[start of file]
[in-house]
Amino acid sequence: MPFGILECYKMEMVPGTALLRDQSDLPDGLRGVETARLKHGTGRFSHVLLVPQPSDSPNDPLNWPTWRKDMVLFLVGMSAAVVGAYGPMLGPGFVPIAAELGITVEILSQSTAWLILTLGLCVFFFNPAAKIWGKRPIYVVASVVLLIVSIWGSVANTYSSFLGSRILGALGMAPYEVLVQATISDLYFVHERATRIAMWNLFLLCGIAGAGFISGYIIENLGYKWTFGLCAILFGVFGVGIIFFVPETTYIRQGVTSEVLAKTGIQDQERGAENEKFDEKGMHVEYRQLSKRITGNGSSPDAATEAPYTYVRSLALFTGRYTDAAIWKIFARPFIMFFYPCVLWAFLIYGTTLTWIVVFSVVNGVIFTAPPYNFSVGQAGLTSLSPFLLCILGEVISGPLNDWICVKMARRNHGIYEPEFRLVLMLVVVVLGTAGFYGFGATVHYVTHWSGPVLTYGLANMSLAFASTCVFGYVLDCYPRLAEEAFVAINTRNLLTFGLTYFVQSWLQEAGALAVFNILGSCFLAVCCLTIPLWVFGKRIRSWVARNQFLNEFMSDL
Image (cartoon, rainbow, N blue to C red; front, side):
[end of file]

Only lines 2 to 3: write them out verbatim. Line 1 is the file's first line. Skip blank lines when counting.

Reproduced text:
Amino acid sequence: MPFGILECYKMEMVPGTALLRDQSDLPDGLRGVETARLKHGTGRFSHVLLVPQPSDSPNDPLNWPTWRKDMVLFLVGMSAAVVGAYGPMLGPGFVPIAAELGITVEILSQSTAWLILTLGLCVFFFNPAAKIWGKRPIYVVASVVLLIVSIWGSVANTYSSFLGSRILGALGMAPYEVLVQATISDLYFVHERATRIAMWNLFLLCGIAGAGFISGYIIENLGYKWTFGLCAILFGVFGVGIIFFVPETTYIRQGVTSEVLAKTGIQDQERGAENEKFDEKGMHVEYRQLSKRITGNGSSPDAATEAPYTYVRSLALFTGRYTDAAIWKIFARPFIMFFYPCVLWAFLIYGTTLTWIVVFSVVNGVIFTAPPYNFSVGQAGLTSLSPFLLCILGEVISGPLNDWICVKMARRNHGIYEPEFRLVLMLVVVVLGTAGFYGFGATVHYVTHWSGPVLTYGLANMSLAFASTCVFGYVLDCYPRLAEEAFVAINTRNLLTFGLTYFVQSWLQEAGALAVFNILGSCFLAVCCLTIPLWVFGKRIRSWVARNQFLNEFMSDL
Image (cartoon, rainbow, N blue to C red; front, side):